“To me, at this point, it’s not about the time missed, because even though I’ve missed a year and half of games, I’ve been training every day and that’s what got me most prepared on a day-to-day basis,” said Castillo, through interpreter Adrian Lorenzo.
Castillo crowds out Jackie Bradley Jr. and Mookie Betts. It also turns Shane Victorino, recovering from back surgery, into a backup. It makes Daniel Nava redundant.
The Red Sox have a lot of trade chips now.
Nava is a player many teams want. Could Mike Napoli be expendable if Allen Craig moves to first? The Sox would certainly have chips galore in trying to make a big deal for Phillies ace Cole Hamels or Miami slugger Giancarlo Stanton.
Cherington not only has to revamp the offense, but the pitching staff. Would this signing have taken place if the Sox had not been so woeful offensively?
“It wouldn’t have changed our evaluation of him,” Cherington said Castillo. “You make decisions based on the information you have at the time. And we think we all know we’re trying to build a winning team as quickly as we can and we feel confident we can do that. We felt Rusney would be a big part of that.
“Obviously, this is a long-term commitment. This is not a decision that’s being made about next week or next April, this is someone we think will be a core part of our team for a long time and who we hope he’ll be part of a talented roster in short term.”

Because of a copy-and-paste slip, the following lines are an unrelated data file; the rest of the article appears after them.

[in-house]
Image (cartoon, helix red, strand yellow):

We’ll have to see how good Castillo is after not playing since his defection.
“We’ve had several scouts see him over a number of years and built some history that way,” Cherington said. “You can recognize the bat speed, the swing path, the power, the ball comes off his bat well. We’ve had quite a bit of time with him, have performance data out of Cuba. We feel we’re more precise in our ability to translate that, where there have been recent examples of mature high-profile guys coming out of Cuba. We have seen what those transitions have looked like. You put it all together and we’re able to make an assessment of what we think he can be.
“Obviously by the [financial] commitment, we think he can be a really good player for us for a long time.”
Castillo said all of the right things. Asked what it means to play for the Sox, he said, “It allows me to be a part of such a historical organization and I’m just ecstatic to be here.
“It’s a dream come true to have been given this opportunity to play because of the success of recent Cuban players. It’s an honor and privilege.”
As a kid in Cuba he said he wasn’t able to be much of a fan, but as he grew older, “the Red Sox were one of the more popular franchises and a team I would follow more than others.”
He said he did not speak with Cespedes during the process, but did Saturday.
“He’s a player I’ve admired for a long time and I’m happy to be a member of the Red Sox with him,” Castillo said.
Cespedes did offer advice concerning the difference between baseball in Cuba and the United States.
“He made me aware that this is the same game we played in Cuba, it’s just success will come down working [and] grinding on a day-to-day level,” Castillo said.
Cherington said the Red Sox did their due diligence, trying to get as much information on him as possible.
The Sox took the plunge, staying within the confines of what they believe — that signing players under the age of 30 to long-term deals is good business.